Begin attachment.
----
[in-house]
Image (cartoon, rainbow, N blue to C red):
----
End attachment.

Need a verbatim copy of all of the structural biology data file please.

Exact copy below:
[in-house]
Image (cartoon, rainbow, N blue to C red):